To do this, insert some milestones along the way. In other words, you may have to pass two or three milestones before you reach one of your main goals.
Milestones are signs along the way that show you that you are still on the right path and reassure you that your journey to the main goal is closing fast. So instead of one main goal that takes months to achieve, you now have a multi-part goal that allows you to tick off completed tasks every month or even every week.
For example, let’s say my main ‘build or create’ goal is “to start a specialist consulting business in the building industry by 30th June”. My milestones along the way might be:
Milestone 1. Find an office space at desired rent by end of February
Milestone 2. Lease / buy equipment and fitout office by end of April
Milestone 3. Hire & train staff or arrange outsourcers by mid June
Achieve main goal. Open for business by end of June
Let’s say my ‘customer attract’ goal is “to attract 200 customers by the end of year 1”. I can simply break this down to what must be done each week – i.e. about 4 paying customers per week.
Let’s say my ‘future exit’ goal for my consulting business is to build a saleable asset (i.e. my business) that has a value of $1M in 10 years time.
(For the sake of simplicity I am omitting the effects of inflation and the present value of future dollars)
So working backwards, I will need sustainable earnings (i.e. bottom line, before interest and tax), of say $200,000 per year. That assumes my selling price ($1M) is the equivalent to a capitalisation of 5 times my sustainable earnings rate ($200,000).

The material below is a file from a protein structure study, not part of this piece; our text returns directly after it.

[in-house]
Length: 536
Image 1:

(Be careful – the 5 times capitalisation rate I used is an example only and varies widely with the type of business, industry factors and economic conditions)
I will probably need to demonstrate 3-4 years of stable, sustainable earnings for my sale at year-10, so I will set the first time that I earn $200,000 net earnings as my year-6 goal.
Therefore, I will make my year 1 profit goal $50,000 and I will endeavour to add $30,000 to my net profit in each of the following 5 years to boost it to $200,000 by year-6. This is as big as I want to grow and it is also the limit of my current service capacity.
So in year-1, to achieve a $50,000 net profit, my sales will be $150,000 at a gross profit margin of 60% with fixed overheads of $40,000 (example only).
To achieve $150,000 sales I must sell my services to 200 customers at an average of $750 each (example only). At a 5-to-1 strike rate, I will have to make 1,000 calls in the year which is about 20 each week or 5 each working day.
So starting at your ‘future exit’ goal and working backwards is another way of arriving at today’s ‘customer attract’ goal.
By breaking down your goals and adding milestones, you are creating a ‘goal journey’. Now you can decide before you start whether your goal journey is achievable or whether it sounds a bit too hard.
Until next time!
Business coaching Brisbane – read my previous post for more on goal setting
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